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Colouring books for adults.....really?

Discussion in 'Personal' started by Thegirlfrommars, Sep 8, 2015.

  1. I don't get this new craze.....It just seems like a real waste of time. Its not creative but doodling endlessly. I do like a bit of colouring with my granddaughter but the claim that it helps with mindfulness is just to get people buying the books.
  2. Duke of York

    Duke of York Star commenter

    I've not encountered this so far, but I'm intrigued. Do you know who the intended market is aimed at? Is it any different from the books of word searches and similar activity magazines aimed at the adult market to while away their lives?
  3. grumpydogwoman

    grumpydogwoman Star commenter

    Colouring? Oh, I've heard of it and seen the books. I detested colouring from the year dot. Hated it. Despised it. Never asked a class to do colouring. Ever. Waste of a life.

    Also word searches. I don't know which I loathe more. Pointless. Senseless. Stupid.
  4. Spiritwalkerness

    Spiritwalkerness Star commenter

    Quite a number of years ago, I was bought a colouring book of classic album covers - it was fun for....oooooh minutes

    EDIT: As the reply box is now grey and no white text box

    A number of schools round here now offer 'Colouring Clubs' after school.
  5. Duke of York

    Duke of York Star commenter

    You shouldn't be judgemental about the people who enjoy word searches, GDW. They appeal to the elderly hoping to battle dementia.

    I've been wondering whether TES need to do a bit of sign posting for a much commented on poster, who does word searches in the posts we all contribute and hits the bingo button whenever she finds a word that was frowned on back in the mid-war years of the depression, which is when I imagine she was brought up.

    I'd expect a colouring book would be right up her street, especially if it had tasteful stuff to colour in.

    I'll flag it up for a topic to discuss among the extra-care homes and you never know, it might get picked up by the manager of the one I envisage this poster inhabits so he or she can provide a bit more palliative care.
  6. lattedrinker

    lattedrinker New commenter

    These books are supposed to be 'de-stressful' or calming.

    Not a fan tbh.
  7. Sillow

    Sillow Lead commenter

    I have seen these colouring books and thought they looked interesting, but I haven't bought one because a) when do I have time to colour? and b) once you've done one pattern the rest are basically the same so it's a waste of money as far as I can see.

    I content myself with colouring, cutting and sticking with my reception class. And knitting at home when there's something on TV.
  8. bombaysapphire

    bombaysapphire Star commenter

    I have a few friends who have bought them. I guess they are a quick easy way to do something a little creative. I am with GDW. I despise colouring in but then I don't like any type of crafting.

    I prefer to cook or go for a walk (when I can walk - 4 weeks in plaster to go!)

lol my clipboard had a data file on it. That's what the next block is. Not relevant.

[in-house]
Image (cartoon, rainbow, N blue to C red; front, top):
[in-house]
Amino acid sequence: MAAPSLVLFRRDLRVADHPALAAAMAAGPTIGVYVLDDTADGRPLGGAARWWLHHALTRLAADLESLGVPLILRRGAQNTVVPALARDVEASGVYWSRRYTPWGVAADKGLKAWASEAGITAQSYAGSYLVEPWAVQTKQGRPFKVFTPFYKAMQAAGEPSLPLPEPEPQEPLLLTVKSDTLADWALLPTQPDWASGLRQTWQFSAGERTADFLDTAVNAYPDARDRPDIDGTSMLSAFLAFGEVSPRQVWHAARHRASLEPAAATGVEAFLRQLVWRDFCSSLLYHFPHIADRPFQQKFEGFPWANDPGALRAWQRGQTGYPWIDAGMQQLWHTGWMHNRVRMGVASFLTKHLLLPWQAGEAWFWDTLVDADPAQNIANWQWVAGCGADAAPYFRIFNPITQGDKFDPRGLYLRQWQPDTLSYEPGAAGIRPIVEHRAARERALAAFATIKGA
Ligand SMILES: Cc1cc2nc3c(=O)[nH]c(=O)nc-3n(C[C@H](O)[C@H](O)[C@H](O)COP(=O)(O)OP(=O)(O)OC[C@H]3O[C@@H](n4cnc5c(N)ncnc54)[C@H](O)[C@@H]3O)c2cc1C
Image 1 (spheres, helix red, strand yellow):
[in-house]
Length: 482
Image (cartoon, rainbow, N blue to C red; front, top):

9. grumpydogwoman

    grumpydogwoman Star commenter

    You want to get them onto Sudoku, DoY. Better than wordsearches for battling dementia.
  10. grumpydogwoman

    grumpydogwoman Star commenter

    4 weeks to go? Bummer. Hope the recovery speeds ahead, bs.
  11. foxtail3

    foxtail3 Star commenter

    Is cooking not a craft then Bombay? I would have said that people who are expert cooks/bakers are very creative people.

    Best wishes for your continued recovery btw.

    I am a hopeless cook, so will continue with my knitting, cross stitch and crochet. The stash must be used up somehow.
  12. marlin

    marlin Star commenter

    I seem to be in the minority here - I have an 'adult colouring book'. My sister bought it for me when I was immobilised following knee surgery and I find it relaxing. Last week I bought one for my 86 year old M-i-L when we were out shopping together. (She does do Sudoku and other puzzles to keep her brain active.) My two D-i-L have both got 'quest' colouring books too. We all do lots of other creative tasks such as baking, knitting, painting etc.

    Each to his (or her) own ... ...

    My best wishes for a speedy recovery too Bombay.
  13. aspensquiver

    aspensquiver Star commenter

    Who are those people who buy those horrible looking Puzzle Books? The users rarely look capable of solving proper puzzles...
  14. grumpydogwoman

    grumpydogwoman Star commenter

    Clearly then it isn't only the brain-dead who do colouring. I was wrong.

    But I bet most of 'them' aren't as literate as marlin.

    Adult? In inverted commas? I'm thinking 'erotic'. Ho hum. I expect there are different genres. Why not, eh?
  15. grumpydogwoman

    grumpydogwoman Star commenter


    O M G!!!!!!!
  16. Middlemarch

    Middlemarch Star commenter

    Whilst I wouldn't want to put a damper on anyone who enjoys sudoku, word searches, etc, there is no evidence at all that doing them helps "combat" or prevent dementia.
  17. Middlemarch

    Middlemarch Star commenter

    And I agree with those who think that colouring books for adults is a pathetic notion.
  18. GLsghost

    GLsghost Star commenter

    Colouring-in and having to concentrate on not going over the lines is supposed to be a useful mindfulness exercise. It makes you focus on the moment and relieves anxiety.
  19. grumpydogwoman

    grumpydogwoman Star commenter


    Hmm. This is good. I could maybe try this. Wouldn't help my anxiety but it might relieve some stress if I just scribbled all over it.

  20. marlin

    marlin Star commenter


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